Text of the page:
Appeals court strikes down DOMA: Tradition doesn't justify unequal treatment

A three-judge panel from the federal appeals court in Boston unanimously ruled the Defense of Marriage Act unconstitutional for denying federal benefits to 'same-sex couples lawfully married in Massachusetts.'

Gerry Broome/AP
Katie Mae Stewart of Greensboro holds a sign during a rally in Greensboro, N.C., May 9.

The federal appeals court in Boston struck down the Defense of Marriage Act on Thursday, ruling that the federal statute violates the constitutional rights of gay and lesbian married couples to equal treatment under the law.

The action by a unanimous three-judge panel of the First US Circuit Court of Appeals sets the stage for a much-anticipated showdown at the US Supreme Court over same-sex marriage.

Declaring that tradition alone was not enough to justify disparate treatment of same-sex couples, the appeals court said DOMA failed to pass constitutional muster.

“Under current Supreme Court authority, Congress’ denial of federal benefits to same-sex couples lawfully married in Massachusetts has not been adequately supported by any permissible federal interest,” Circuit Judge Michael Boudin wrote for the court in a 28-page decision.

Joining the decision were Chief Judge Sandra Lynch and Judge Juan Torruella.

The decision comes three weeks after President Obama announced his support of gay marriage. The Justice Department had initially worked to defend DOMA against the Massachusetts-based legal challenges, but last year announced it would no longer argue for the statute’s constitutionality.

Seven states and the District of Columbia have passed laws recognizing same-sex marriages. More than 30 other states have passed statutes or state constitutional amendments restricting the definition of marriage to between a man and a woman.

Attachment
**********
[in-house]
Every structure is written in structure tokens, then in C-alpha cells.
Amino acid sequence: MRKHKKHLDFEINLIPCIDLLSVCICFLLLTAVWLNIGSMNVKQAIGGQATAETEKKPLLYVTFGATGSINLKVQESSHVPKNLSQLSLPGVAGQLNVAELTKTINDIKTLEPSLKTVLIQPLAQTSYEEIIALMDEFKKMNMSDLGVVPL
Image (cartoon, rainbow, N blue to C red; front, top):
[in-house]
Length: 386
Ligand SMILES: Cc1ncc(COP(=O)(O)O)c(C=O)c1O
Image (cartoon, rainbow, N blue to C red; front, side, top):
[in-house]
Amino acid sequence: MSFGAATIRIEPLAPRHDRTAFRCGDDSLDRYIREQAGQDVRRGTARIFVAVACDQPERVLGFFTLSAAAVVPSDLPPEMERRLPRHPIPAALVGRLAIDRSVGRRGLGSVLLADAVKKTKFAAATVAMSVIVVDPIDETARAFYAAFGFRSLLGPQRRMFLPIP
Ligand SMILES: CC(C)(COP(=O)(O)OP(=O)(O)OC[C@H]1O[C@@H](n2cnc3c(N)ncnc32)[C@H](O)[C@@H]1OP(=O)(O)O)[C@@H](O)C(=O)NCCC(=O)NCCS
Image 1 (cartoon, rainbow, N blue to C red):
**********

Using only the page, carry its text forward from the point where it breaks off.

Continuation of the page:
The 1996 federal statute seeks to bolster those state efforts to limit the definition of marriage. DOMA defines marriage in an effort to set eligibility for more than 1,100 federal benefits. By declaring that marriage is a union between one man and one woman, Congress intentionally excluded same-sex married couples from receiving the same level of benefits as heterosexual married couples.

For example: gay spouses are barred under DOMA from filing joint tax returns; a surviving spouse in a same-sex marriage may not collect Social Security survivor benefits; and federal employees may not share their government-provided health insurance with a same-sex spouse.

The appeals court noted that federal lawmakers sought to justify DOMA as a means to defend and nurture traditional, heterosexual marriage. The lawmakers also said they wanted to defend traditional notions of morality, and to preserve scarce government resources.

But the court pushed such justifications aside, saying that the offered rationales do not provide adequate support for DOMA.

“DOMA does not … explain how denying benefits to same-sex couples will reinforce heterosexual marriage,” Judge Boudin wrote.

“This is not merely a matter of poor fit of remedy to perceived problem, but a lack of any demonstrated connection between DOMA’s treatment of same-sex couples and its asserted goal of strengthening the bonds and benefits to society of heterosexual marriage,” the judge said.

In terms of morality, the judge cited the Supreme Court’s 2003 decision striking down a Texas sodomy law. “Moral disapproval alone cannot justify legislation discriminating on this basis,” Boudin said.

The decision encompasses three different cases consolidated for the appeal. They include: Gill v. OPM (10-2207), Massachusetts v. US Department of HHS (10-2204), and Hara v. OPM (10-2214). The court heard oral argument in early April to examine a July 2010 ruling by a federal judge in Boston who also declared DOMA unconstitutional.

“In reaching our judgment, we do not rely upon the charge that DOMA’s hidden but dominant purpose was hostility to homosexuality,” Boudin wrote. “The many legislators who supported DOMA acted from a variety of motives, one central and expressed aim being to preserve the heritage of marriage as traditionally defined over centuries of Western civilization.”

Preserving the institution was not the same as “mere moral disapproval of an excluded group,” the judge said.

“For 150 years, this desire to maintain tradition would alone have been justification enough for almost any statute,” Boudin said. “But Supreme Court decisions in the last fifty years call for closer scrutiny of government action touching upon minority group interests and of federal action in areas of traditional state concern.”

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